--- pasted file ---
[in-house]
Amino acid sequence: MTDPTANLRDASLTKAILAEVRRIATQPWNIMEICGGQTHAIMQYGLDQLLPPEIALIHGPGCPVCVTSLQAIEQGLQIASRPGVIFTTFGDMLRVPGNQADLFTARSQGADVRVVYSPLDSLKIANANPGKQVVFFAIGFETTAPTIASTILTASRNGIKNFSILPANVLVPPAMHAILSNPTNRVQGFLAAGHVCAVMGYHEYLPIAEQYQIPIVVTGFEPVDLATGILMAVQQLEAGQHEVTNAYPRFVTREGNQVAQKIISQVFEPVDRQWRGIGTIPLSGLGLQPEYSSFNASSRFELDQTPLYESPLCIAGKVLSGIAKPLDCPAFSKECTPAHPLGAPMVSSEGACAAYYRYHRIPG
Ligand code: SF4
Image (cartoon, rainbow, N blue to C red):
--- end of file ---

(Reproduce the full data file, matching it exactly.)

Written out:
[in-house]
Amino acid sequence: MTDPTANLRDASLTKAILAEVRRIATQPWNIMEICGGQTHAIMQYGLDQLLPPEIALIHGPGCPVCVTSLQAIEQGLQIASRPGVIFTTFGDMLRVPGNQADLFTARSQGADVRVVYSPLDSLKIANANPGKQVVFFAIGFETTAPTIASTILTASRNGIKNFSILPANVLVPPAMHAILSNPTNRVQGFLAAGHVCAVMGYHEYLPIAEQYQIPIVVTGFEPVDLATGILMAVQQLEAGQHEVTNAYPRFVTREGNQVAQKIISQVFEPVDRQWRGIGTIPLSGLGLQPEYSSFNASSRFELDQTPLYESPLCIAGKVLSGIAKPLDCPAFSKECTPAHPLGAPMVSSEGACAAYYRYHRIPG
Ligand code: SF4
Image (cartoon, rainbow, N blue to C red):